Overall, the story is solid, the art is a little blah (inconsistent is a good way to describe it). I'm much more story driven, so can overlook the art, but hopefully things balance out in that department. Orlando though absolutely has a hang of the series and characters and is taking him in an awesome balanced. direction. Read Full Review

  • 8.0
    Newsarama - Pierce Lydon Jul 2, 2015

    Overall, this is an improvement on the debut that reveals the heart that was missing previously. Read Full Review

  • 8.0
    Comicosity - Aaron Long Jul 1, 2015

    Midnighter #2 is a solid follow-up to the explosive first issue and Steve Orlando is building a really interesting character and story here. The artwork isn't up to the standard of the first issue with Aco, but Alec Morgan's work is not just to be cast aside. His action sequences are dynamic and he captures the gritty side of Midnighter well. If you enjoyed the first issue, chances are you're already planning on snagging this one and I don't think you'll be disappointed. Read Full Review

  • 7.0
    Batman-News - Joshua McDonald Jul 3, 2015

    Midnighter dips in quality for its second issue, but it still a solid book with endless potential" potential that I can't wait to see unfold over time. Read Full Review

  • 7.0
    Nerds Unchained - Connor Frigon Jul 8, 2015

    Alec Morgan is a perfectly capable artist, but when you look past the serviceable figure work you notice background details are halfhazardly inked in or a few limbs limb arerushed. There's an obvious Eduardo Risso influence, but without the heavy, moody inking and masterful page composition Morgan's work doesn't strike me as particularly memorable. And because I'm a new fanI want this book to stand out. Read Full Review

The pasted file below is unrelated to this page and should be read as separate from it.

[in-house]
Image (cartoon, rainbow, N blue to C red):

• 7.0
    Multiversity Comics - Matthew Garcia Jul 6, 2015

    An tense issue that does well to establish the themes I think will be present throughout Orlando's (and mostly Aco's?) run on the series. Read Full Review

  • 7.0
    Newsarama - Vanessa Gabriel Jul 6, 2015

    Still, Midnighter #2 digs deeper into Midnighter's impetuous heart. It is broken but honest. It is this smash-mouth honesty that makes the Midnighter fascinating. With a repeated middle-finger to soulless capitalists and caveman homophobes, the character and commentary makes no apologies and offers no filter. I like it. Read Full Review

  • 7.0
    The Batman Universe - Gerry Green Jul 2, 2015

    In any event, Midnighter is still one of my favorite current comics. I am hopeful that the timeline bouncing in this issue is just a one-off experiment. It wasn't done in #1 so there isn't a reason to believe that it is a motif that is inherent to the storytelling. I look forward to #3 and also to find out who stole the God Garden tech and why. Read Full Review

  • 6.5
    Weird Science - Jim Werner Jul 4, 2015

    Midnighter was one of my favorite new books of the DC You and while that's still the case, my enthusiasm has gone down a bit.  This issue is pointing towards the type of ongoing story that we've seen too many times before (most recently in Grayson and Lobo) and in a book that promised something very different, that's a bit disappointing.  I give Steve Orlando kudos for not giving this issue a forced happy ending, but in the end, the story and the art were just okay. Read Full Review